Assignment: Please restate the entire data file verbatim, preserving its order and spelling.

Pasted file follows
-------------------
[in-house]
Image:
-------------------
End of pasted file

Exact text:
[in-house]
Image: